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Coney Island Marks a Jubilant Return

Deno's Wonder Wheel's Reopening Celebration
Deno's Wonder Wheel and neighboring parks reopened on April 9 after 529 days of darkness. Photo by James Maxham

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As New York reopens, so do many of the iconic attractions along the Atlantic Coast at Coney Island. Coney Island is open, busy, and filled with New Yorkers eager for a seaside respite from the heat.

The attraction-filled oceanfront boardwalk includes a variety of amusement rides from two major operators and a variety of others. Luna Park, owned by Alessandro Zamperla, features the massive Cyclone roller coaster among its most iconic attractions. The second largest wooden coaster in the world, the Cyclone reaches a maximum speed of 60 miles per hour, carries 24 passengers, and features a track length of 2,640 feet. Other thrill rides include the 125-foot Thunderbolt. Additionally, the park has new kiddie rides that are set to open this year: Circus Candy, Fire Patrol, Rainbowheel, AeroMax, Grand Prix, and Mini Mouse. With a wide mix of thrill, family, and kid's rides, Luna Park is the largest on Coney Island.

Deno's Wonder Wheel Amusement Park is the other main purveyor of attractions on Coney Island. The park is operated by Denos D. Vourderis; here the rides are centered around another Coney Island icon, Deno's Wonder Wheel. At a towering 150-foot height, the 1920 classic was actually built during the 1918 pandemic, and constructed by the Eccentric Ferris Wheel Company, opening for the first time in 1920 on Memorial Day. The attraction features open air gondolas for each group of riders to take in the expansive views of the ocean and all the way to Manhattan. The park is also celebrating the 100th anniversary of the Wonder Wheel by offering a free coloring book for downloads.
NYC Mayor Bill De Blasio addresses the media on opening day, April 9

Deno's has 21 rides in all which also includes the hand-painted horses of the popular carousel. The park will soon be opening a new ride, the Phoenix thrill ride. Phoenix is a suspended steel roller coaster, one which Vourderis terms as the largest investment his family has made to date in the park.

The ride's name was selected “because of the symbolism of rising from the ashes…we also plan on having a more accepting and loving world from these ashes,” Vourderis says. The ride is billed by the park as a “Family thrill suspended steel roller coaster taking you 68 feet in the air at 34 miles per hour.”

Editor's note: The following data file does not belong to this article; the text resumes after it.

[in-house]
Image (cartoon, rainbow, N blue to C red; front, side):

There are other new attractions here. Deno's is also offering a 7D dark ride titled Stop the Zombies; it utilizes high tech virtual reality features. Speedway is a NASCAR-themed reimagining of the classic Whip ride designed for family fun. And, Friday night fireworks, running from Friday June 26th to September 4th have made a post-COVID return.

Besides the Luna Park and Deno's amusement offerings, other boardwalk attractions include the Eldorado Auto Skooter Bumper Cars & Arcade as well as Brooklyn Go-Kart which also houses a mini golf course.

Luna Park's owner Zamperla termed the park's reopening in late spring as “a day of celebration.” To further encourage safe attendance, in early June, Zamperla donated 10,000 ride wristbands that include a ride on the Cyclone to New Yorkers who have received at least one vaccination shot.

Luna Park greets guests on opening weekend

Vourderis, owner of Deno's called the reopening a “great honor…to be able to bring some joy into the life of many New Yorkers.” He added that Coney Island has always been a “place for people to come and remember what it feels like to smile.”

It took 18 long months to reopen after the first-in-a-century shut down. According to Alexandra Silversmith, executive director of the public-private partnership Alliance for Coney Island, which advocates for the community, reports that local business losses over the course of 2020 totaled approximately $100 million. She was optimistic about the reopening, however, which drew an enthusiastic crowd and has continued to do so. “We've been fighting…for almost a year now to reopen, trying to make the case that we are safe to do so."

As of April 9th, both parks were held to 33% capacity to comply with state COVID guidelines; admission capacity has changed with New York state's reopening guidelines. Advance admission wristbands are sold online. Along with providing guest social distancing, attendees are required to wear face coverings, get a temperature check, and provide contact tracing information. Plexiglass partitions are up throughout the parks, and hand sanitizing stations are prevalent.
Luna Park's pre-purchased admission is set by timed entry reservations of four or two-hour blocks depending on wristband type. There are also designated entry portals. Deno's has recently reverted to pre-pandemic admission policies.  Despite the reservation requirements, both parks still offer free admission.

In short, after the long closure, Coney Island is back with rides blazing into the evening hours, and with its return, New York City itself is poised to make a triumphant return as an amusement destination.

An employee at Luna Park sanitizes seats on the parks coaster
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